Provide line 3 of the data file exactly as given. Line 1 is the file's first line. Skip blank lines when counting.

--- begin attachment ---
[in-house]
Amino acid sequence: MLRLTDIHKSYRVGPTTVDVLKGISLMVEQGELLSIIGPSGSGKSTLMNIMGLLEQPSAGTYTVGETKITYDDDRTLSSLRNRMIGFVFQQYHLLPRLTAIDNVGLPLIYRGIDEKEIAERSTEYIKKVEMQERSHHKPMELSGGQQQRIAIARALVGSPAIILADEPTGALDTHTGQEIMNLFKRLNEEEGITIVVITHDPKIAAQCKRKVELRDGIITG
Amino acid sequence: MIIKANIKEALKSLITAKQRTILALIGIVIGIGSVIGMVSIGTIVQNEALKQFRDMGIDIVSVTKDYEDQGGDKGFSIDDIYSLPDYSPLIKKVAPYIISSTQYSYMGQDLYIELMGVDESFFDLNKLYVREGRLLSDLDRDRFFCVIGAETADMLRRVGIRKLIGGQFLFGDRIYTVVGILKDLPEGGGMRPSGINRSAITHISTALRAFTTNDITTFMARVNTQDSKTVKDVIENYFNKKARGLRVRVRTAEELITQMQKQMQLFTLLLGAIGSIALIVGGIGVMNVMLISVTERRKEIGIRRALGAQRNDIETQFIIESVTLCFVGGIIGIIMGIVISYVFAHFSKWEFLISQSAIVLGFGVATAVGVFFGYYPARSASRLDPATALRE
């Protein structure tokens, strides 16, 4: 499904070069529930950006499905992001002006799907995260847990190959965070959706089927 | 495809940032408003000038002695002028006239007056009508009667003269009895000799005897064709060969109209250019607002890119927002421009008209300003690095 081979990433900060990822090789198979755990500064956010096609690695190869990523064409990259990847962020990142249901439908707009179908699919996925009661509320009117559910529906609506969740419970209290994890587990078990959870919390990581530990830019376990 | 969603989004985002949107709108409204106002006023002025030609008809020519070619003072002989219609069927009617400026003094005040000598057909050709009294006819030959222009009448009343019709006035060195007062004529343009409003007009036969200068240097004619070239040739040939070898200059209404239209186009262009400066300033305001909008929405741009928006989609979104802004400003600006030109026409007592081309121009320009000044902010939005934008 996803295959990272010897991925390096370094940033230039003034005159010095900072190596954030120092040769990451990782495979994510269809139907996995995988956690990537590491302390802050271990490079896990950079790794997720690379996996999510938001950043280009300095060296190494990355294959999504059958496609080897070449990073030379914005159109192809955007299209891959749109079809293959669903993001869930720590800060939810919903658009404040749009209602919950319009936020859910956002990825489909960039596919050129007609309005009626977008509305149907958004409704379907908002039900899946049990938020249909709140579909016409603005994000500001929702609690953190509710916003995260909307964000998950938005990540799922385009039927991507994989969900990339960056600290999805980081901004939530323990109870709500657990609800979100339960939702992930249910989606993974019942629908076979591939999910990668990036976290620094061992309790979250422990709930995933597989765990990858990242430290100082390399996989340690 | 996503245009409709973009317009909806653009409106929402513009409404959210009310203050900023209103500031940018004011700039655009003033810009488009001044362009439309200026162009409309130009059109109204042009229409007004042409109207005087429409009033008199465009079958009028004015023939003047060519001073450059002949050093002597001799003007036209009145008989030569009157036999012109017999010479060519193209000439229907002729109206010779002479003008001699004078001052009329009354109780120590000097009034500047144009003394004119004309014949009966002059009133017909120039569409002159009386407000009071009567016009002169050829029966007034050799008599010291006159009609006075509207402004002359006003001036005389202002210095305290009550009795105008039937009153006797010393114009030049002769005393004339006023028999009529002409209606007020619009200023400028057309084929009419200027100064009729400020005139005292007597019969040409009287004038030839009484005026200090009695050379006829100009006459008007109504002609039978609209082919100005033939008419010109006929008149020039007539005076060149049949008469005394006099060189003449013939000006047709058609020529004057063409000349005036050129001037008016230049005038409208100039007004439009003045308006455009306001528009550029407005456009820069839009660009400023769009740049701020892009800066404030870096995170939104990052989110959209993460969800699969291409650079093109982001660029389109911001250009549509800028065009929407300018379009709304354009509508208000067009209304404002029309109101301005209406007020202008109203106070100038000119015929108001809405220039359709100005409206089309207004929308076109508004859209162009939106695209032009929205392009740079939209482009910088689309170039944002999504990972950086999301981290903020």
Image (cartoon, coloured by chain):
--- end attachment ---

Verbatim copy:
Amino acid sequence: MIIKANIKEALKSLITAKQRTILALIGIVIGIGSVIGMVSIGTIVQNEALKQFRDMGIDIVSVTKDYEDQGGDKGFSIDDIYSLPDYSPLIKKVAPYIISSTQYSYMGQDLYIELMGVDESFFDLNKLYVREGRLLSDLDRDRFFCVIGAETADMLRRVGIRKLIGGQFLFGDRIYTVVGILKDLPEGGGMRPSGINRSAITHISTALRAFTTNDITTFMARVNTQDSKTVKDVIENYFNKKARGLRVRVRTAEELITQMQKQMQLFTLLLGAIGSIALIVGGIGVMNVMLISVTERRKEIGIRRALGAQRNDIETQFIIESVTLCFVGGIIGIIMGIVISYVFAHFSKWEFLISQSAIVLGFGVATAVGVFFGYYPARSASRLDPATALRE